It was late afternoon, probably a Thursday or Friday since we were not at Qur’anic school. It was one of those rare occasions where my sister and I were home with no friends over and we chose to play at home. Normally, we would be round to a neighbour’s house, climbing their guava trees or picking mangoes or just playing with other kids.
On this late afternoon, it was warm as Yola is generally and we were bored. I don’t know which of us had the bright idea but we both thought it was brilliant. We decided to climb onto the wall around the perimeter of our house and run around the whole house. I must have been around 5 or 6 years old and my sister was 8 or 9. My mother’s cousin (around 20 years of age) was in the house somewhere and hadn’t a clue what we were up to. We conferred for a moment as the wall was too high for either of us to climb onto unaided. ‘I know’ I said to my sister. ‘We could get up there by climbing onto the A/C steel cage by Mama’s room’. I was a right little monkey all through my childhood days so if there was anything solid I could climb, I was all over it. This was why I knew that the steel cage around the air-conditioning unit poking out the back of my mama’s room was perfectly positioned for us to get up on the roof and then onto the wall, our destination.
We both got onto the wall safely using the A/C cage and the roof. So far, so good. Then we ran around the house once and I remember enjoying that so much we started a 2nd circuit. As we got to the back right corner of the wall, I looked down and my eyes met with the next-door neighbour’s who I had never clapped eyes on. I was so startled; I jumped back and fell off the wall.
Why was I so startled? Well I’ll tell you. This neighbour was an old lady who never left her little hut which was surrounded by a crooked wall of rusted steel sheets. The children of the neighbourhood never saw her. She was never visited by any relatives. She never left to go to the market for food. She was strange because in old Yola town, no one lived alone. No one was completely visitor-less. Everyone went to the market or sent the younger person living with them to the market for food. So, being children we decided she must be a witch. You know like a witch in the fairy tales of old who were always old women, living alone, doing strange things behind closed doors. The kind of stereotype that is damaging and we all know now is so wrong. But the older kids (the adolescents) used this stereotype to scare us the little kids. We were threatened with being taken to ‘her’ whenever we were naughty and we were scared stiff so it worked a treat. This is why my first sight of her was so startling.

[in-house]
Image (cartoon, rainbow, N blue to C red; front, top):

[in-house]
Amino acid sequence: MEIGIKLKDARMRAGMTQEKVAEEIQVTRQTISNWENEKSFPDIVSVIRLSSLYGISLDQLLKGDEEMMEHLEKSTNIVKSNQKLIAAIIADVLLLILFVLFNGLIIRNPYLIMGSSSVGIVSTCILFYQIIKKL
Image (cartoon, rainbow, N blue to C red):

So I fell back into my house and I wasn’t hurt. I think I had a graze or 2 but basically, I was ok. So no harm done, right? Wrong. It was the month leading up to Eid-el-kabir, the big Eid and the Eid that was the Muslim equivalent to Christmas in terms of significance. It was the Eid you were encouraged to slaughter a ram as per Muslim tradition if you could afford it. The idea was to have a 2 day feast with some of the meat and to share the fresh meat and grain with family, friends and neighbours. I digress. What I was leading up to is that we had a ram sequestered in that left back corner of our house, delivered from our granddad’s farm, awaiting Eid day. He was a beautiful animal. Large and white with black spots and long fierce-looking curly horns with sharp tips. And he was bored, kept in captivity on his own.
When I fell into his enclosure, I didn’t notice where I was at first. My sister who had kept her head and feet firmly on the wall spotted him. Her shout alerted me to turn and I looked straight into his eyes. OMG! He pawed the ground (do rams do that?) and my sister and I knew he was about to charge. I had no cover and the wall was too high. My sister was dancing in place, clearly anxious. She reached down with one hand and I stretched up and grabbed her hand with both hands. She tried to pull me up but couldn’t. I looked into her eyes and she looked back at me and I know the panic I felt was what I saw reflected in her eyes. I remember my heart pounding so hard that I couldn’t hear my sister’s instructions. As the ram charged, we braced ourselves and just before his horns made contact with me, she pulled and I jumped. His horns rammed into the wall with a loud crash, narrowly missing my legs which I had curled up and tucked under my chin. As my sister’s grip started to slip, he wheeled around the opposite end of the enclosure and prepared to charge again. I was back on the ground, looking to my sister for guidance. We repeated the grip and hoist, again timed to perfection so he just missed me. My memory makes it seem like we must have done that action several times but thinking back, I think we gripped and hoisted twice and somehow, on the 3rd attempt, my sister heroically hoisted me back onto the wall.
My hero! We sat on the wall, looking at this ram that had nearly gored me and was now looking at us with intent. After we got back our breaths, we got shakily back to our feet, walked back to the roof and got off the wall. By tacit agreement, we didn’t tell anyone what had happened. However, we were so uncharacteristically quiet, I remember someone asking if we were both ok. We must have been convincing enough that we weren’t pressed. We never got back on the wall, bored or not.